by Jim Flynn
Jim Flynn is on a mission to change how we think about the modern world, our place in it, and the moral choices we make. In The Torchlight List he argued that great literature can change lives. Now in Fate & Philosophy, he looks at tough moral decisions we face and urges us not to be influenced by subconscious conditioning inherited from our parents, our religion, or any other source.
by Friedrich Krull
On January 27, 1859, an adventurous young German arrived in Wellington after a four-month voyage on a Swedish ship. With great alacrity we helped the sailors weigh anchor, and with what suspense did H and I stand on the foredeck to get the first view of the town which was to become our new home. So began the first of many letters 22-year-old German settler would write at the behest of the German naturalist and historian Ernst Boll - published in English translation in this outstanding book. This unique book is a small but priceless addition to the historical record of early New Zealand, published to recognise New Zealand's guest of honour status at Frankfurt Book Fair 2012.
by Brian Gill
Natural history museums contain many thousands of zoological specimens and each has a tale to tell - often involving extraordinary people, daring explorations, unquenchable scientific curiosity, and strange coincidences. This perfectly presented book, with its engaging pictures, is rich in stories and unveils many secrets.
Brian Gill is curator of birds and other land vertebrates at Auckland Museum, author and co-author of many books, including New Zealand's Unique Birds, The Kiwi and Other Flightless Birds and New Zealand Frogs and Reptiles, and a contributor to New Zealand Geographic and Forest and Bird.
by Jane Bowron
On February 22, 2011, journalist and television reviewer Jane Bowron was living in her hometown of Christchurch when the city was struck by a magnitude 6.3 earthquake. As the historic city lay in ruins Bowron managed to find a phone, call her newspaper, and deliver a moving human account of the scene around her.
A portion of money from each book sold is donated to the New Zealand Red Cross 2011 Earthquake Appeal for those affected by the Christchurch earthquake.
by Peter Graham
On June 22, 1954, in the depth of a southern winter, teenage friends Juliet Hulme and Pauline Parker went for a walk in a park with Pauline's mother. Half an hour later the girls returned alone. Honorah Parker lay in a sea of blood on a lonely track. She had been savagely murdered.
In this mesmerising book, lawyer and true crime writer Peter Graham tells the whole story for the first time, giving a brilliant account of the crime and ensuing trial, dramatic revelations about the fate of Juliet Hulme and Pauline Parker after their release from prison and their strange lives today, and a penetrating insight into the crime using modern psychology.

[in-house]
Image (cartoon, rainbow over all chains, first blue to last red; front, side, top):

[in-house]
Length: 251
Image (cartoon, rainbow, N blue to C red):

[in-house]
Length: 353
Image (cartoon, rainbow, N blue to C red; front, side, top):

by Jim Flynn
A professor for over 40 years, Jim Flynn found fewer and fewer of his students were in love with reading. However, they were willing to try if he would give them lists. This book is the definitive list: 200 works so wonderful to read and so revealing about times and places, they make learning enjoyable and effortless.
by Gillian Turner
This engrossing book tells, for the first time, the complete story of the quest to understand Earth's magnetism from the fascination of ancient Greeks with magnetised rocks to the astonishing modern discoveries that finally revealed the truth. North Pole, South Pole gives us an extraordinary window into science, passion and the brilliance of the human mind.
Check out Awa's own interview with Gillian here.
by Harry Ricketts
New Zealand is a nation of sports-lovers and this is reflected in this collection of 80 superb pieces of sports writing by many of our most acclaimed journalists, novelists, biographers, essayists and poets. From surfing to cycling, angling to archery, running to rugby ... from the joy of the victors to the tears of the vanquished ... the roar of the crowd to the solitary moment ... this is a book of endless pleasure.
edited by Simon Nathan
James Hector arrived in New Zealand in 1861 and within a few years had founded all the country's leading scientific bodies, including the national museum (now Te Papa), the New Zealand Institute (now the Royal Society) and the Geological Survey (now GNS Science).
A man of seemingly unbounded energy and interests, at various times he was also responsible for the Met Department, Colonial Observatory, Wellington Botanic Garden and Patent Office library.
In these superb essays, scientists, historians and Hector's descendants tell the fascinating story of Hector's life and work.
by Lindsay Shelton
From Goodbye Pork Pie to The Lord Of The Rings - here, for the first time, is the fascinating inside story of the deal-making, shrewd moves and sheer luck that - in just a few years - took New Zealand films from obscurity to the top of the world.
'The New Zealand film industry is one of the wonders of the world - an unparalleled success story with directors and stars of international reputation'
AMERICAN FILM INSTITUTE